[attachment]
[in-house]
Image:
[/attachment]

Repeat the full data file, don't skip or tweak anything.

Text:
[in-house]
Image: